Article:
2. I think one of the things from this weekend that will pay big dividends this year was the play of Julius Peppers. A shell of himself last year, Peppers had a strip-sack and pressured Jim Sorgi into an interception. If he's back, the Panthers are a very big threat.
3. I think these are my last few thoughts on the Brett Favre situation:
a. Remember what Steve Mariucci once told me about Favre, and apply it to learning a new offense. "He's got a photographic memory, or very close to it,'' Mariucci, his former quarterback coach, said. "You think he's sleeping there in the meetings, and he still knows everything he has to know and doesn't make mental mistakes.''
My Favre memory story: Two nights after seeing Sling Blade in 1996, he couldn't stop talking like Billy Bob Thornton. I'm not talking just a few words in the Billy Bob voice as the developmentally disabled vigilante Karl; I'm talking paragraphs. "I reckon I kilt him,'' he'd say in the Thornton drawl. And on and on. "Some folks call it a sling blade. I call it a Kaiser blade. Mmm-hmm.''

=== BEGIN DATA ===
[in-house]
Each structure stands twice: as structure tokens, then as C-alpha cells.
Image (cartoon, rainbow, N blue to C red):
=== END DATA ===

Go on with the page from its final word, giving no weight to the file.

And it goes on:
He'll learn it well enough. Chemistry with the receivers, now that's another issue.
b. Marty Schottenheimer says his son and Mike McCarthy have systems that are closer in philosophy than you'd think. It's not a strict West Coast offense versus a downfield system without West Coast tendencies. Favre will have to throw deeper in New York, but he's never minded that, obviously. Remember his bomb to Greg Jennings on the first play of overtime to beat Denver last year?
c. Favre is tired. I can tell you that.